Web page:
A Melbourne based writer who is a travel junkie, dedicated foodie and emerging photographer.
Published March 16th 2017
Souk brings new sophistication to middle eastern favourites
Souk means a middle eastern market or marketplace, a bazaar. And so you should expect all the flavours, tastes and textures of cuisine of the Middle East, North Africa and Anatolia when you visit Souk Restaurant and Bar, newly opened in the Melbourne CBD.
The bar at Souk. The decor is bold and modern.
Tucked down a laneway off Flinders Lane, close to Elizabeth Street, the decor of Souk is not, however, middle eastern. Rather it is bold and modern, with a bright pink neon sign out the front. Inside is a large space, featuring a long bar area as you walk in, an elevated area with tables under pink lighting to the left, and many more tables in a third area upstairs behind the bar. As popular as I expect this place to be, with seating for around 130 people, you'd be unlucky to miss out on a table, even if you don't have a booking.
I was fortunate enough to be invited to a special opening event at Souk last night, giving me the opportunity to sample a wide selection of dishes from the menu. On the strength of my experience, I have already arranged a return visit for tonight! Yes, it really was that good.
On arrival, we were handed one of the range of house designed cocktails - the Omar Sharif (egg white, gin, lemon juice, orgeat, creme and rose water, shaken and garnished with pistachios and Persian fairy floss) ($21). Instantly appealing because of its pretty pink tones, it was a well balanced and thoroughly enjoyable drink.
The award for the cocktail name that most tickled my fancy must surely go to the protein sheikh (mastic infused gin, tonic and watermelon spritz) ($16) - I will have to try that one on my return.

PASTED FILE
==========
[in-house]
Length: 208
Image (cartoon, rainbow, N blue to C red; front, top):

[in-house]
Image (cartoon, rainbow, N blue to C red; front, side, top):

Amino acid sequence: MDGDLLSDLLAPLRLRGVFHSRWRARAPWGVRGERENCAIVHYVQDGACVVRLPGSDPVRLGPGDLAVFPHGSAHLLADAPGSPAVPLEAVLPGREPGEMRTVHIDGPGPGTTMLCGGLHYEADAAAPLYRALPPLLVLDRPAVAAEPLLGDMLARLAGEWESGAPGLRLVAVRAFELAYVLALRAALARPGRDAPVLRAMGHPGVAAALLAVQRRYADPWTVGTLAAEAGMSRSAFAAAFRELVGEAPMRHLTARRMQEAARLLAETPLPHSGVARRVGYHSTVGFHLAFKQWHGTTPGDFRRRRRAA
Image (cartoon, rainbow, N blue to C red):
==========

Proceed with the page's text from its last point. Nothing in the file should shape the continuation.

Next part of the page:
Scanning the food menu, it is clear the dishes offer a level of sophistication and refinement you wouldn't see at a typical Turkish or Lebanese restaurant.
We started with chipotle hummus (chickpeas and chipotle, drizzled with burnt butter and paprika) ($9). While hummus is a firm favourite as a middle eastern starter, Souk's additions of the chipotle (smoke-dried jalapeńo) and the paprika gave it a tanginess and a slight chilli kick that made it interesting and memorable.
Next up was the prawn falafel (served on black tahini with coriander mayonnaise and tomato oil) ($12 for two pieces). This was my dining companion's favourite dish. The addition of the prawns to the falafel gave them a chewy texture that was most pleasing.
Prawn falafel - beautiful flavour and texture
The next course, the KFC: Kuwaiti Fried Chicken (chicken ribs fried in harissa and paprika breadcrumbs and ras el hanout) ($14 for two pieces), was probably my least favourite dish of the night. It was, in fact, a tasty enough dish, it just seemed to me that its inclusion was a bit of a departure from the otherwise more sophisticated menu items. Nonetheless, it might be a good late night bar snack to accompany one or two of Souk's fantastic sounding cocktails.